reading requires students to read with fluency and accuracy.
Fluent readers must learn to read with automaticity so that they can
focus on the meaning of a text. This lesson will help students at
this level learn what it means to read fluently. Students will
also practice reading fluently with this lesson.
*Fluency checklists for each student (checklist will have the
categories: read faster, remembered more words, read smoother, and read
*Class set of Arthur’s Tooth by Marc Brown
*Progress chart (for student use) to keep up with words per
minute. Chart could be a rocket that moves up as words per minute
*Chalk and chalkboard
1. Begin lesson by reviewing the cover-up strategy with the
students. Say: What can
we do when we do not know a word? Yes, we use cover-ups.
For example, (write the word stretch on the board) if we came to this
word in a story how we could successfully read the word. First,
we would begin by covering up everything but the vowel e.
(Demonstrate covering up the str and tch on the chalkboard) Now
we know that e = /e/. Next, we will look at the letters that come
before the vowel which are str=/str/. Now we take the /str/ and
/e/ and blend them together. Finally, let’s look at the end of
the word tch=/ch/. On the count of three let’s put all 3 sounds
together. (/str/ /e/ /tch/) Very good! When you are
reading a story it is important to use this strategy to help you figure
out an unknown word.
2. Introduce the lesson by explaining fluency and how it makes us
better readers. Explain: Reading
with fluency means that as readers we read at a faster pace,
automatically, and effortlessly. One way to become a fluent
reader is by reading a story several times. Fluent reading helps
us understand a story’s meaning. Today we are going to practice
becoming fluent readers. Before we begin we must realize that it
is very important to crosscheck our reading. Crosschecking
involves checking what you just read and making sure it makes
sense. (Write: Ted wants a new dog.) If we said Ted wants a new dig would that
make sense? No, so we would need to go back and reread the
3. Model reading with fluency. Explain: I am going to read you a sentence without
fluency. (Write on the board: The dog ran up a
hill.) Read: The d-o-g
r-a-n u-p the h-i-ll. Now read the sentence as a fluent
reader: The dog ran up the hill. Ask: Do you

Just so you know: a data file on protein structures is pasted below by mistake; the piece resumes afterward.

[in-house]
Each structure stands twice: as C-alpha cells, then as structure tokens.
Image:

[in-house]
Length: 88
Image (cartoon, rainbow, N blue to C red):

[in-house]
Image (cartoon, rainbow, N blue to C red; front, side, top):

understand the difference between reading with fluency and reading
without fluency? Now, listen as I read the sentence again.
The dog ran up the hill. I read the sentence faster this time
because it was not the first time I had read these words. The
other times I read gave me practice and helped me read the sentence
fluently this time. Reading with fluency is what we will be
4. We are going to practice
reading the story Arthur’s Tooth. This story is about Arthur and
his new loose tooth. Arthur is very upset because he is the only
kid in his class that still has all baby teeth. Will Arthur loose
his tooth? You’ll have to read the story to find out what happens
to Arthur. Explain: Now I would like for everyone to
practice reading the book on your own. Remember to use cover-ups
and crosschecking. After a few minutes randomly have students
pair up with a reading buddy. Buddies will read the book together.
5. Students will remain with their partner but will be asked
questions to check for understanding. What is Arthur worried about in the story?
What happens at the end of the
story? What is your favorite part of the story?
Explain: Now I want for each of you to decide who in your group
will be the reader and who will be the recorder. Readers
will read as the recorders use stopwatches to set 1 minute time
limits. Together they will count the number of words read and
record their findings on the progress chart. Students will read
the story two times and then switch roles.
Call students up individually to read the book aloud. Teacher
will complete the fluency checklist for each student. Weekly,
students should be checked for progress.
Bennett, Shelley. Speed Read. http://www.auburn.edu/rdggenie/insp/manninggf.html
Brown, Marc. Arthur’s Tooth. New York. Scholastic,
Click here to return to guidelines